These three expressions, “all but”, “anything but”, and “everything but”, are among the most confusing in the English language for native speakers of other languages. Although “all”, “everything” and “anything” are all similar in meaning, when they are followed by “but”, they can mean completely different things!
One of the meanings of the word “but” is “except”, and you can find all three expressions used in their literal meanings (i.e. “all except”, “anything except” and “everything except”), e.g.
What would you like to eat? I want anything but the chocolate cake.
Would you like me to gift-wrap everything? Everything but the candles, please.
However, more often than not, you will see these three expressions used idiomatically:
“All but” means “almost”, “nearly” (which does not make much sense, I must admit, but that’s just the way it is). For example:
It was all but impossible.
could be expressed without using “all but” as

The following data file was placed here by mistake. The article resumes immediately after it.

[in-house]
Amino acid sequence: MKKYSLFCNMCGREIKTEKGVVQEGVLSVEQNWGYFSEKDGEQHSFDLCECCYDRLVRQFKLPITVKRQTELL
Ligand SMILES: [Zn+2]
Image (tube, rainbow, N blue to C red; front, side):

It was nearly impossible.
“Anything but” can be rephrased using “not at all” or “in no way”. For example:
This smartphone is anything but ordinary.
which means the same as
This smartphone is in no way ordinary.
The meaning of “everything but” is quite literal; it means “everything except”, “everything with the exception of”. For example:
She wants everything but happiness for other people.
She wants everything with the exception of happiness for other people.
Nonetheless, the meaning is not completely literal. When you eat “everything but meat”, it doesn’t mean that you eat every single food imaginable. It means that you feel strongly about not eating meat.